At the outset, it is certain that many of the expressions and remarks made by appellee Jens C. Smith, the minister, the doctor, and the lawyer were "beliefs" and "opinions" only, and did not amount to declarations of an existing fact. Within that category we are disposed to place them all, with one exception, which will be discussed later. This disposal of a large portion of the conversation complained of is in harmony with appellant's own version of the affair. He testified:
"I understood that, when Rev. Jensen was talking to me, that he was merely expressing his opinions and ideas about what would be the best thing for everybody concerned to do. He said something to me about avoiding litigation between members of the family, and I understood that it was his idea and opinion that he was giving me that it would be better for everybody concerned to get the matter settled up in a friendly way, without the necessity of having a row in court."
IX. Quite significant, however, is the fact that there is a clear difference and distinction between the pretenses above discussed and those reserved for further attention here. To obtain lucidation for the subject of our present thought, we will recall the circumstances bearing upon the situation.
The envoys, L. Dee Mallonee, Rev. Jensen, and Dr. Soe, were the agents of appellee Jens C. Smith, who secured their services in his behalf in order that appellant might be induced to make the desired division of the mother's estate. During the preliminary conversation with appellant at his home, the three men were at all times present, and actively or tacitly engaged in the talk which there took place. Before us is the task, not of determining the truth or falsity of the testimony of appellant concerning what was said or done at that conference, but rather, it is our duty to say whether or not there was basis in the record for the jury to find that the contract on which this suit is brought was procured by actionable "fraud." Meyer Bros. v. Houck, 85 Iowa 319; Snyder v. Guthrie, 193 Iowa 624. See, also, Inghram v. National Union, 103 Iowa 395.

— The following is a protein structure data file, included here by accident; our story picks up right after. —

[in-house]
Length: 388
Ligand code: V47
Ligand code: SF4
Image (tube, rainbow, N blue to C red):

With that background in view, and within the contemplation of our purpose and duty as thus expressed, analysis will now be made of appellant's testimony. On the witness stand, he said:
"They [the lawyer, the preacher, and the doctor] told me they had come to see me about my mother's will, and that they did not think it was fair to Jens, and that it ought to be divided. They told me they did not think she was fair. They told me that the will of my mother was not fair to Jens and Anna, and that it ought to be divided equally — the estate. They told me that they would contest the will if I did not divide with them. They told me about the contest. They told me that the lawyers would get all of it, and I would save the expense of a lawyer by settling out of court. Q. What was said there that time by Mallonee [the lawyer] or the others with reference to contesting the will, if anything was said? A. Well, he [the lawyer] said: `If we contest the will it will have to be divided equally.' Rev. Jensen asked me if he should call Jens [appellee]. I said, `Yes.' He went and called him. Q. Did Jens come? A. Yes, sir. Q. What was said to Jens when he came, if you recollect, by any of these parties in your presence? A. That he had agreed to settle. I asked him how he would settle. He claimed $7,200. I said I would see my attorney about that first. Jens told me I did not need an attorney, and I could save that expense. Q. Were you told by Rev. Jensen, Mr. Soe, or Mr. Mallonee the ground upon which the will might be contested, or that it was contemplated that it would be contested? A. Yes, sir, I think so. Q. Can you give us the words they used, as well as you can? A. They talked like she didn't have any business to will all of this property to me."